OBJECTIVE: To investigate whether stair climbing performance and body composition are similarly affected by a body mass reduction (BMR) program in obese individuals of different gender, age and body mass index (BMI) level. DESIGN: Longitudinal, clinical intervention study entailing energy-restricted diet (5023-7535 kJ/day), nutritional education, psychological counselling and moderate physical activity (indoor cycling, outdoor walking, gymnastics routines, five sessions/ week) during a 3-week period. SUBJECTS: A total of 466 male and 807 female subjects categorized as a function of gender, age (<vs ≥ 50 y) and BMI (<vs ≥ 40 kg/m2). MEASUREMENTS: Body mass, stair climbing time and power before and after the BMR program. Fat-free mass and fat mass were also evaluated by bioimpedance analysis, in a representative subgroup of 160 patients, to evaluate the relation between fat-free mass and power output. RESULTS: Body mass, fat-free mass and fat mass significantly decreased following the BMR program (P <0.001), with male subjects reducing body mass and fat-free mass more than and fat mass less than the female subjects. Stair climbing time decreased (P <0.001) and therefore anaerobic power significantly increased 9.7% after the treatment. The greatest improvement in stair climbing performance was observed in obese women aged ≥ 50 y. Significant inverse correlations were found between initial power or fat-free mass level and respective percent increases (R = -0.35/-0.37, P <0.001) and between BMR-induced percent changes in body mass and power (R = -0.13, P <0.001). CONCLUSION: Subjects with the lowest baseline level in stair climbing performance (and probably with the lowest amount of fat-free mass), that is, obese women aged more than 50 y, obtained the largest enhancement after the 3-week BMR program, likely improving overall functional capacities and resulting in greater independence during daily-living activities in such a population.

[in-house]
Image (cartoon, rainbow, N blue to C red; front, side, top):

- Muscle power
- Stair climbing
ASJC Scopus subject areas
- Food Science
- Medicine (miscellaneous)
- Endocrinology, Diabetes and Metabolism
- Public Health, Environmental and Occupational Health